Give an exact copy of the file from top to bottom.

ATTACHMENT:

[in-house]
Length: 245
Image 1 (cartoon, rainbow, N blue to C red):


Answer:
[in-house]
Length: 245
Image 1 (cartoon, rainbow, N blue to C red):